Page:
In October of 1967, 6 months before his death by assassination, Dr. Martin Luther King, Jr. spoke at Barratt Junior High School in Philadelphia. Even after all of his accomplishments and his renown, Martin still took the time to encourage and challenge young people. As a man of vision and purpose, he exemplified investing in others, especially those who needed a word to inspire them to continue their journey. For this speech he spoke on the idea that like any well constructed building our lives should be built upon a solid blueprint.
Dr. King asked the students, “What is your life’s blueprint?”
Here are six keys to recognizing purpose and developing in your personal growth from Martin Luther King Junior's speech on life's blueprint:
1. Have a blueprint (clarity)
“Now each of you is in the process of building the structure of your lives, and the question is whether you have a proper, a solid and a sound blueprint.” - MLK
Even though this message was shared with junior high students, the wisdom is no less applicable to any age. Those adolescent years are critical in the transition from childhood to adulthood. Our early years lay the foundation for how we will see the world and our role in it. Too many haven’t made solid foundations on a sound blueprint at these transitional stages in their lives and so they are wandering through life without a clear vision. Leadership starts with leading yourself. Leading yourself starts with mapping out a plan, a blueprint for where you want your life to go, how you plan to get there and what steps you will take to move in that direction today.
Our calling is to be people of excellence. The beauty of a blueprint is that it is not the finished product but the plan we will follow in order to build our lives upward. As we move forward in our mission we refer to our blueprint to inspire us to action. When we get lost along the way we can recall our blueprint to remind us of our vision. As obstacles arise we understand that the core principles remain the same but we adapt to new information throughout the process. Martin challenged the strudents, “Don’t just set out to do a good job. Set out to do such a good job that the living, the dead or the unborn couldn’t do it any better.”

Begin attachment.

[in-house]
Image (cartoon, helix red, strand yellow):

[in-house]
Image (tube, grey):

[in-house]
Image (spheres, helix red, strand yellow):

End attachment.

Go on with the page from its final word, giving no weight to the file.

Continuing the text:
2. Understand your value (accountability)
“Number one in your life’s blueprint, should be a deep belief in your own dignity, your worth and your own somebodiness.” - MLK
When children are raised at a disadvantage whether that be economically, socially, structurally, spiritually, emotionally, physically or a combination of all of these factors they have more obstacles to overcome. Too often our current situation influences our perspective of who we are as people or what we are capable of. The path to our purpose does not ignore our circumstances, but Martin Luther King, Jr. and those voices of strength call upon people of vision to carry forward. He says to the students, ” I would urge you to study hard, to burn the midnight oil. I urge you that in spite of your economic plight, in spite of the situation that you’re forced to live in — stay in school.”
Purpose requires courage to see past our immediate situation to work through and build for our long term goals. Vision provides energy in the struggle when the winds have died down and the power is out. Remembering that we have a blueprint calls us back to the clarity of our mission. Understanding our worth as people and our role in the bigger picture reminds us to carry on the good work we have before us regardless of the opposition facing us. Valuing our worth helps us to embrace and value the worth of others. Our great documents call for liberty and justice for all, and by pursuing that high goal in an equitable manner we find we enrich our own lives as well.
3. Determination for the pursuit of excellence (consistency)
“Secondly, in your life’s blueprint you must have as the basic principle the determination to achieve excellence in your various fields of endeavor.” – MLK
The cult of success causes us to idolize the achievers who are most apparent in movies, business and who have attained affluence. If the vision of your blueprint is to build a purposeful and happy existence than the result of our life’s work is no guaranteed to bring those physical rewards. Dr. King admonished the students, “If it falls your lot to be a street sweeper, sweep streets so well that all the hosts of heaven and earth will have to pause and say: Here lived a great street sweeper who swept his job well.”